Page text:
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So I know that $\ce{KMnO4}$ converts any side chain irrespective of chain length to -$\ce{COOH}$ group and Soda lime converts that into the respective alkane. But in benzyl chloride, the alkyl group side chain also has a chlorine atom attached. How would the mechanism proceed?

It is given that Benzene is the product.

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    $\begingroup$ You have water present, benzyl chloride is a reactive species. Consider the possibility that the benzyl chloride hydrolyses to benzyl alcohol early in the reaction $\endgroup$ – Waylander Oct 23 '19 at 15:56
  • $\begingroup$ @Waylander Ok, but then how would KMnO4 react with a side chain containing alcohol? $\endgroup$ – Techie5879 Oct 23 '19 at 16:00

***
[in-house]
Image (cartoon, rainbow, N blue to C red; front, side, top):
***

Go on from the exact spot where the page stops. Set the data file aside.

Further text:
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    $\begingroup$ Alcohol to acid is a std permangate oxidation $\endgroup$ – Waylander Oct 23 '19 at 16:37
  • $\begingroup$ @Waylander Ah i haven't gotten to that part i guess $\endgroup$ – Techie5879 Oct 23 '19 at 16:39
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This is not a magical reaction. Yet, it is a two step reaction as depicted in diagram below:

Decarboxylation

As @Waylander's comment elsewhere, benzyl chloride might have converted to benzyl alcohol before get oxidized to benzoic acid in acidic $\ce{KMnO4}$ solution (the first step). This oxidation is well known (see here). The second step is heating (may be $\gt \pu{200 ^\circ C}$) of solid benzoic acid in the presence of solid soda lime to cause the decarboxylation. This reaction is well described by Dr. Jim Clark (here) and also here.

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